Reduce Abstractions, Reduce Complexity

The job of a software developer (will use “developer” for rest of the article) is not just to write software and be a “front-end”, “back-end” or “mobile” developer or in some cases “rails” or “Django” developer (yes, they exist)

As Kaushik Thirthappa puts it in this interesting read “Manufacturing Cars and Developing Software” (http://w3z.in/109)

“You need people who know to build the car”.

The job of a developer is to move the business forward by managing complexities. Writing software is a means of doing that i.e. helping a business grow.

In large software, complexities of interactions of different components grow and their dependencies tangle to form a complicated mesh. This forest of interrelated components/dependencies on different software makes an abstraction.

Abstractions help you for a huge deal, they allow you to not think about the edge cases of an underlying system and allow you to be productive but as Joel Spolsky mentions in this excellent read “The Law of Leaky Abstractions” (http://w3z.in/aa7)

“All non-trivial abstractions, to some degree, are leaky”.

Which means your abstraction will leak at a case and then you will have to dig deep into the abstraction and extract the information to help you out and you would be very lucky if this leak in the abstraction is not causing you monetary loss having a client kick your ass or you losing customers in the process.

So, our job as a developer is to help businesses/people by managing complexities and playing only with abstractions that we can consume and not vice-versa.

The recent trend of programming is moving more and more towards abstractions with frameworks popping up every day in numbers or containerizing of everything (I am looking at you docker, vagrant).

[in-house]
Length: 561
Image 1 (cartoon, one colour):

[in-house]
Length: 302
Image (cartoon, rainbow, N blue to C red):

A satire on JS MC\* framework flurry (daily flurry)
A satire on JS MC\* framework flurry (daily flurry)

I think it becomes a catch-up play for someone who comes and starts to learn to code. There is a huge gap to fill, first of all, we have to understand that the world will do fine, if not better without some of these useless abstractions.

For example, I was not entirely comfortable with Mac OS X shell, so, I tried to use Vagrant as my VM manager but there was so much abstraction (things not working while learning something entirely new) wherein I would not know if I am at fault or my abstraction is at fault. I decided to get rid of it and use VirtualBox + SSH to achieve the desired result.

Concluding this “rant”, here is a list of tips to reduce the abstractions and hence complexity to start writing better software

  1. Get rid of containers —
    Set up inch perfect Linux Dev environment on Mac
  2. Use IDE but learn to live without them. Use bare-bones text editors initially to learn manual linking of components in your favorite language before bowing down to productivity provided by IDEs
  3. You don’t need that “X” framework.

This post is not polished. I have written this as a mild “rant”, will keep updating as per further ideas, discussions, comments, and happening of software.